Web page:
Watson has a long ways to go, but it is hard not to be excited about his approach to the game, his growth over four Summer League games, and the physical gifts he brings to the table. His Summer League performances thus far might be a mixed bag, but Watson looks like he belongs and his upside can be scary if things break right.
The Kamagate selection in the second round was puzzling to some, but the Nuggets — who had him in the 20’s on their big board entering draft night according to one source — were excited to grab Kamagate even if he is expected to play next season overseas.
Kamagate stands six-foot-11 and weighs in over 220 pounds while possessing above average athleticism as a vertical athlete and mobility laterally when defending on the perimeter. He rolls hard to the rim and finishes above the rim. He is still sanding down his skillset and adding in more passing on the short roll, but it is hard to avoid just how good he could be in a year or two.
The Nuggets only have DeAndre Jordan as a true backup center on the roster with Zeke Nnaji, Jeff Green or Vlatko Cancar filling in for a smaller lineup. Green’s contract is up after this year as is Jordan’s. The Nuggets will need an affordable backup center next year and if Kamagate’s Summer League performance is any evidence of what is to come, he should be in the mix to take over that role.
There was little doubt that Gillespie would be able to help a NBA team despite going undrafted. Yes, he was a five-year point guard at Villanova so he is older and his upside is not exactly immense, but what he does have is a complete understanding of how he can help his team win basketball games and a willingness fulfill his role as well as he possibly can.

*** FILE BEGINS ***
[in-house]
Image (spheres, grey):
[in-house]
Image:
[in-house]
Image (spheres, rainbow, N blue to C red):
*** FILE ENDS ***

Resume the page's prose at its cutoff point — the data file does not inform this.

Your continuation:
In Las Vegas with the Nuggets, Gillespie has been asked to create offense with a roster full of non-creators which is not easy. This group has only been playing together since the start of July, a whole whopping two weeks ago, and every creation burden rests squarely on Gillespie’s shoulders. Braun has been a bad-to-horrible creator during Summer League. Watson has had some flashes, but generally has struggled. Matt Mitchell has done a little creating like Watson, but cannot be relied on. Kamagate is no where near a creator. Despite that, Gillespie is averaging over four assists and only 1.5 turnovers per game through four games.
On top of that, Gillespie has stacked up eight steals and blocks combined in four games, is scoring over 11 points per game despite being asked to create shots for everyone else and has rebounded extremely well as a point guard. Gillespie might not become a starter at any point in his career, but no matter what team he is on, he can be depended on to play mistake-free and unselfish basketball. That is what Denver needs from him as a two-way contract player and that is exactly what he has given them in Las Vegas.